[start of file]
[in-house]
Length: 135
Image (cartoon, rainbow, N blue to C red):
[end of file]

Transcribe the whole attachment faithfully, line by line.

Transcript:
[in-house]
Length: 135
Image (cartoon, rainbow, N blue to C red):